Difficult choices come everyday, but none was more difficult for Krissy Vaine and Ryan O’Reilly than when they asked for their release from their WWE contract earlier this week.
The choice automatically brought up questions. Bloggers and posters on message boards called the two “morons” and their decision “stupid.” Others began to speculate the reason behind them quitting what most in the industry would consider a dream job.
“There was a lot leading up to our decision,” Vaine told SLAM! Wrestling in an exclusive interview. “I’m just a small-town girl with small-town values. I had my priorities messed up in the past. Being away from home (in Greensboro, N.C.) so long and meeting Ryan (O’Reilly) really helped me realize what was important to me.”
Vaine and O’Reilly began dating in 2006.
Vaine noted some family health problems as being an awakening for her. “I could hear my mother’s heart breaking every time we spoke on the phone. I couldn’t bear the thought that something may happen to someone while I was away and couldn’t get home.”
The decision to ask for her release may have come before a two-week tour of Europe, which she was supposed to attend.
Sadly, Vaine and O’Reilly have a bond brought forth by tragedy. O’Reilly told SLAM! Wrestling about his niece and cousin recently dying. He began to evaluate his life. “Just recently my father had a stroke,” O’Reilly said, “and I began to really think about my family.
“A few men in my life told me that they are a strong believer that family comes first and that family values are very important.”
O’Reilly recalled a story about a good friend, whom he considers like family, who recently went through a tragedy. “I had a friend whose girlfriend was in a really bad accident, and as I sat in the hospital trying to cheer him up, I began to think to myself what things could happen you are away from home. I thought what would happen if something happened to Kristin (Krissy Vaine) or someone in my family.”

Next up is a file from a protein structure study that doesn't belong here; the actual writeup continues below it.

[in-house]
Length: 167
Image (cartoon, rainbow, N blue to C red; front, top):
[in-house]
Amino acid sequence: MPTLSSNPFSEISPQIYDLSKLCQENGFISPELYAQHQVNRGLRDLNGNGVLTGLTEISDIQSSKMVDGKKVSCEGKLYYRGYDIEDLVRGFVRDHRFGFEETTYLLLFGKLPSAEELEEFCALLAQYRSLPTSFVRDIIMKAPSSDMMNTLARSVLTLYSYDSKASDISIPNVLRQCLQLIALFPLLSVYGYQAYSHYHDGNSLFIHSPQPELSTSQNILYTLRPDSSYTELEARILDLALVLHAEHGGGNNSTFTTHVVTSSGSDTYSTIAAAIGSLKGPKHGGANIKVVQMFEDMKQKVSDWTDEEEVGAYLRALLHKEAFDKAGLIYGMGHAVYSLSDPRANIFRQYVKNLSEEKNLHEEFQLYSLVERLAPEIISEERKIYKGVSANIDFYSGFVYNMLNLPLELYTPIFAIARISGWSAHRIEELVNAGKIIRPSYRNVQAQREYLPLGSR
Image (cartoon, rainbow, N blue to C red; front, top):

Although the decision came together, they each had to ultimately make the choice on their own. “It was a big decision,” O’Reilly said. “I want to give people reading this an insight on such a big decision in my and our lives.”
Vaine knew she wanted to be a wrestler while in high school. She followed her dream a few years after graduating when she started attending a wrestling school near Greensboro, N.C. She made her debut in 2003, and less than three years later, she was signed by the WWE to a developmental deal. She started in Deep South Wrestling out of Atlanta, and recently had relocated to Florida Championship Wrestling in Tampa, Fla. Just two weeks ago, she made her debut on the Smackdown show, as an unnamed person who had an issue with Torrie Wilson.
O’Reilly had been under a developmental contract for almost two and a half years, making his home in Deep South and later Florida Championship Wrestling.
Nicknamed “Roughhouse,” O’Reilly would capture the Deep South Heavyweight title in June 2006 and again in March 2007. O’Reilly often worked house shows and dark matches for the WWE around the country. He and partner Derrick Neikirk wrestled the FBI team of Little Guido and Tony Mamaluke throughout 2006. Recently, O’Reilly had worked numerous dark matches before RAW and Smackdown tapings. Some of his matches appeared online on WWE.com’s Heat internet show.
Before his release, he was expected to join the ECW brand.
The two were chastised on message boards for their decision. Vaine was showed a comment calling their departure “very stupid.”
“They don’t know what has happened in our lives that lead to us make this decision,” Vaine replied. “If we are happy then that’s all that matters.”
O’Reilly agreed. “It sucks to hear people think badly of you for something you truly believe in. I left on good terms with my boss and all that ever mattered to me is what my boss or agent thought. Everyone has an opinion, and they are entitled to say what they want.”
What is next in their plans? “I believe we can do anything we set our mind to. I think we can conquer the world,” Vaine said.
O’Reilly worked for TNA in its earlier days, and Vaine likes the possibility of working there in the future.
“I hope there would be some interest,” Vaine said. “A lot of my friends work there.’
“Wrestling needs diversity, things that are different.” O’Reilly said about TNA. “I enjoyed the work I did with them.”
When asked if they had any regrets, Vaine said, “No, I don’t think there will be any.”